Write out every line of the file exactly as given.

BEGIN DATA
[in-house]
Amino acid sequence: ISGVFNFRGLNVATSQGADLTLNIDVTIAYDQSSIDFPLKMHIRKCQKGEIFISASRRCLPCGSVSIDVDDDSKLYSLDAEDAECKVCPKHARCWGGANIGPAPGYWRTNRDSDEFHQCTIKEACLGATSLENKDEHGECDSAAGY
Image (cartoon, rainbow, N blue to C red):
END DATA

[in-house]
Amino acid sequence: ISGVFNFRGLNVATSQGADLTLNIDVTIAYDQSSIDFPLKMHIRKCQKGEIFISASRRCLPCGSVSIDVDDDSKLYSLDAEDAECKVCPKHARCWGGANIGPAPGYWRTNRDSDEFHQCTIKEACLGATSLENKDEHGECDSAAGY
Image (cartoon, rainbow, N blue to C red):